The menu at Mamak is short and precise. Street foods of Malaysia such as chargrilled satays, mee goreng and a range of roti breads with delectable curries and sambals are executed well and hit the spot with both Malaysians and food lovers alike.

These kind of cheap eats are packed with taste and flavour sensations that are difficult to resist when hunger pangs strikes.

What’s more, they offer a point of difference from generic fast foods like fried chicken and hamburgers.

Porterhouse steak at Hotel Mosman $7.90 (Certain times only)

300gm Porterhouse steak at Hotel Mosman $7.90 (Certain times only)


Sydney – North Shore

Wander over to the North shore’s wealthy and affluent suburb of Mosman and you will find weekday and weekend lunch deals at Hotel Mosman located towards the corner of Military and Spit roads.

A hearty piece of 300gm Porterhouse steak with a choice of bernaise, creamy mushroom, pepper or red wine jus will set you back $7.90. Yes, you read correctly, $7.90 for that piece of steak. Check the menu here.

Is this 300gm chunk of red meat really cheaper than the bowl of laksa above? Most definitely.


Because bars and pubs in Sydney have been doing it tough of late due to intense competition from so many restaurants. These pubs have little choice but to clean up their act in the kitchen and come up with more enticing menus to complement their cocktails and drinks at the bar.

Many pubs in popular suburbs around Sydney have joined forces with chefs and restaurants to provide patrons with more than just a destination to have a drink.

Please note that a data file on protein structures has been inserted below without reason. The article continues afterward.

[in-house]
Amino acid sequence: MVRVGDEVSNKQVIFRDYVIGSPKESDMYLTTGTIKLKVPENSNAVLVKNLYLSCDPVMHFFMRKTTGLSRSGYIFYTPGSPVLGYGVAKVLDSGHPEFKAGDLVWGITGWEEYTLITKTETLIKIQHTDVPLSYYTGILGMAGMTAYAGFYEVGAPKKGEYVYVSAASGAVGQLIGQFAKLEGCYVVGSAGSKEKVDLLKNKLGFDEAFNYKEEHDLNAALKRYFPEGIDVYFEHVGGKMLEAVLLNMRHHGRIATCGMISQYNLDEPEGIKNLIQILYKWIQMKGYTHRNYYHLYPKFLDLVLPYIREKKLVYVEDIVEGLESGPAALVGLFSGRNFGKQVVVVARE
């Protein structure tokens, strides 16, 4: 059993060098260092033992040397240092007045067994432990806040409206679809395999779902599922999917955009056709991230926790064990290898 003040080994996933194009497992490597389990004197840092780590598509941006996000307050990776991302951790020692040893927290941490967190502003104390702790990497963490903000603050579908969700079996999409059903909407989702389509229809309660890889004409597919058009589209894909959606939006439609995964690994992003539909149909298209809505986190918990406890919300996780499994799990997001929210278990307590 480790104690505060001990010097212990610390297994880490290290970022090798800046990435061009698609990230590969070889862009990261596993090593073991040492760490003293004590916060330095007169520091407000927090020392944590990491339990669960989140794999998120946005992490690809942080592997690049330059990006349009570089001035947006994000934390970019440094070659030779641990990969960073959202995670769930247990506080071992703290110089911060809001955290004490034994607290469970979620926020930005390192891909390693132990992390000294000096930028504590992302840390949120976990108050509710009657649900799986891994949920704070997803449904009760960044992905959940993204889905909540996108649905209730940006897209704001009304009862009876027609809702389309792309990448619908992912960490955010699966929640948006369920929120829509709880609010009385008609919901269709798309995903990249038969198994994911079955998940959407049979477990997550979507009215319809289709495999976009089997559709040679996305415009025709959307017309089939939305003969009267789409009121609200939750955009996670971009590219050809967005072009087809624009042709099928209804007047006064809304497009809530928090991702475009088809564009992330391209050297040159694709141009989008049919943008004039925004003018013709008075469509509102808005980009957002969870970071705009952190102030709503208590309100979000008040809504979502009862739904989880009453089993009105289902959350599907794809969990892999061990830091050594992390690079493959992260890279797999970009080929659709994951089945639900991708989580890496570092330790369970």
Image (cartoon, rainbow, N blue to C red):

The food in many of these “pub restaurants” are now fighting to win back customers from regular restaurants with a casual menu offering favourites like hearty steaks and burgers, seafood and gourmet pizzas – food that would go down well when you having a few drinks. Prices are often very competitive since alcohol licenses supplement the coffers with higher margin alcoholic beverages.

Salt & pepper flounder at Ginger & Shallots Chinese Cuisine, $18

Salt & pepper flounder at Ginger & Shallots Chinese Cuisine, Eastwood $18

Western Sydney

Moving towards the western part of Sydney will uncover a multitude of cuisines where multicultural enclaves are teeming with exotic food culture and restaurants.

There is no shortage of choice for different cuisines which include Lebanese, African, Italian, German,  Chinese, Vietnamese, Thai, Indonesian and Loatian to just name a few.

Eastwood has a predominantly Korean community where there are at least twenty Korean restaurants to choose from.

However, Korean is not the only cuisine on offer. Wander around Rowe street in the heart of Eastwood and you will find cheap eats for Japanese ramen, northern Chinese fare like Peking duck and Shanghainese noodles as well as a hearty bowl of Vietnamese pho.

At Ginger & Shallots Chinese Cuisine, not only can you get a salt & pepper flounder for $18, this restaurant also has a full range of northern Chinese and Cantonese dishes ranging from congee, classic stir-fries to Peking duck.

Hong Kong style stir-fried rice noodles with beef at Cao Thang, $10

Hong Kong style stir-fried rice noodles with beef at Cao Thang, Flemington $10

In the predominantly Vietnamese suburb of Flemington, you will find one of Sydney’s largest wholesale fresh food market in the Sydney Markets.

Cheap eats here include classic Hong Kong style food such as stir-fried noodles with beef, Chinese, Vietnamese and Indian food.

There is also no shortage of Asian grocery stores that stock every essential ingredient from fresh herbs such as Thai basil, Vietnamese mint to Malaysian belachan and Indonesian curry pastes.